Just being Chris was unfamiliar territory for the Flyer soccer star turned pro. Since April 2016, Rolfe has struggled to come to terms with a debilitating concussion that effectively changed the course of his soccer career.
His journey has taken him through frustration, denial and anger, and now acceptance has slowly found its way to him.
“There was this voice inside of me — probably the same one that turned me into the soccer player that I am — that said, ‘Get over it. Let’s go. What’s happened has happened and you can’t control any of that now, so let’s move forward, let’s make it better, and let’s do the best that we can do and make the most of what you’re given in the future,’” Rolfe said.
Although that future is uncertain, Rolfe’s determination is not.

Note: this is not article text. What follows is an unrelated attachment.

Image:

Since he was 7, soccer has been Rolfe’s world. A Kettering, Ohio, native, he went to Kettering Fairmont High School where, in only three years, he set the goal-scoring record.
He played at the University of Dayton from 2001 to 2004, where he set the school record for career assists (25) and was named an NSCAA All-American. In 2010 he was inducted into the Ohio Soccer Hall of Fame for his accomplishments in college.
Rolfe was drafted his senior year in the third round of the 2005 MLS SuperDraft by Chicago Fire and scored 30 goals in his first four seasons with the club. He was the team’s leading scorer in 2005, 2008 and 2012 and was the league’s runner-up rookie of the year in 2005.
In 2014 he was traded to D.C. United, where he thrived and was the team’s leading scorer and MVP in 2015.
As many of his friends say, in 2016 Rolfe was probably in the best physical shape that he’d ever been in as a professional athlete.